Border control authorities are considering super-sizing detector dogs to find imported pests and other biosecurity risks.
The Ministry of Primary Industries is trying out two Harrier Hounds which are like a bigger, taller version of the beagles staff usually use.
Brett Hickman, MPI detection technology manager, said the harriers have great drive, excellent noses for the food and plant materials - and are also good with people.
"I've heard them described as 'beagles on steroids'," he said.
"The extra height would come in handy with passengers carrying backpacks or with baggage stacked on trolleys. Reaching up to sniff baggage can put strain on the hind legs of beagles."
The New Zealand Hunts' Association (NZHA) is the New Zealand custodian for the harrier breed.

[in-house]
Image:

President Andy Morison said the association was pleased its sport could make a contribution to help manage New Zealand's biosecurity system, which he said was crucially important to the primary export sector.
MPI recently announced a range of measures to make it harder for materials containing fruit fly to get past the border, introducing 100 percent screening of passengers and baggage by detector dogs.
MPI currently uses beagles and labradors as biosecurity detector dogs. It runs a beagle breeding-programme.